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I am looking at a older Knabe concert grand which was "totally rebuilt" about 20 years ago. My concern is it has not been tuned in 15 years and the seller is reluctant to have a tuner come in. I advised the person i could not buy a piano without it being checked by a tech. They even offered to lower the price if i bought it without tuning it but to me that is a red flag. Am i being too cautious?

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    I think this question is subjective. Only you can finally decide what you are comfortable with. That said, a concert grand is a huge investment and I personally would have to be 100% comfortable before spending anywhere near that kind of money. Even if they offered to give it away, you still have to get it to your home and make a place for it, and if you're not happy with it, you have to dispose of it or repair it somehow, and if you are you have to pay to maintain it. Something with that much baggage justifies any amount of care taken in its purchase. – Todd Wilcox Jul 31 '18 at 19:08
  • I'd be saying something like, here's the £100 to have it tuned (to concert) and if it's ok we'll continue. That may be a little loss against getting it home and finding... – Tim Jul 31 '18 at 19:19
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    I suggested that and offered to pay for the tech but they declined and said "what if you dont want it after it is tuned?" It is a red flag for me – John Gallagher Jul 31 '18 at 19:20
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    @alephzero I would vote this up as an answer – coconochao Jul 31 '18 at 19:51
  • @JohnGallagher, don't hesitate to vote up the answers you found suitable to your questions. It means "thank you" to the ones who took the time to answer, a motivation to answer more questions and keep the service going, and it might help those who should fall in the same situation as you have. – avi.elkharrat Aug 2 '18 at 8:08
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One obvious check you can make is, "Is it in tune with itself, whatever the pitch happens to be". I assume if you want to buy a concert grand piano to actually play it, not as a piece of furniture, you should be able to judge that for yourself - or you would have some musical friends whose judgment you can trust if you don't feel confident in your own ability.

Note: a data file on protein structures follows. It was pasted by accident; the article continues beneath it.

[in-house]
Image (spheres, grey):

If it is, then there's probably not much to worry about at least so far as the strings and soundboard are concerned. If not, you may be buying some very expensive firewood.

Note that the manufacturer's price for new Knabe concert grands range from about $30,000 to $150,000 depending on the size. A good quality 20-year-old rebuild would be worth a significant fraction of that (say 25% to 50% IMO). That is based on the plausible assumption that either it hasn't been played at all for 15 years (and therefore it won't have been worn out!) or else it has stood in tune well enough to satisfy the owner for all those years.

If the asking price is way below those numbers, either the seller doesn't know what he/she is selling, or you may be buying junk.

If they won't let you tune it, get a professional to value it "as is" at your expense. Since the pro will be working for you, he/she won't tell the seller what the valuation is. If they won't agree to either tuning or valuation, the best advice is probably to walk away!!

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If they won't let a tech look at it, walk away. Period.

  • I think i found out why they are reluctant to have the piano evaluated, it has not been tuned in over 15 years. My tuner advised to walk away, which i what i did. thanks for your response – John Gallagher Aug 2 '18 at 1:53
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This sounds really awkward...

Shouldn't the seller have it tuned before hand for people to try and play? He would loose the deal because he would not spend a 100$ to tune it?

You'll find other great opportunities I'm sure.

Most important of all: would you buy again from this seller? Do you trust him? Wouldn't you like to buy from people you trust?

  • I think i found out why they are reluctant to have the piano evaluated, it has not been tuned in over 15 years. My tuner advised to walk away, which i what i did. thanks for your response – John Gallagher Aug 2 '18 at 1:52
  • Glad I could help! – avi.elkharrat Aug 2 '18 at 8:09
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The reason for not letting you check it is not clear. They either know it's bad or are just ignorant of the importance of the procedure.

A tuner friend of mine always says checking's a must with second hand pianos because a tech can immediately (using a special key tool) tell whether 'the instrument will remain tuned or it will be untuned next week/month', so for him pre-sell check is often not about tuning but about how long it will REMAIN tuned.

  • I think i found out why they are reluctant to have the piano evaluated, it has not been tuned in over 15 years. My tuner advised to walk away, which i what i did. thanks for your response – John Gallagher Aug 2 '18 at 1:52

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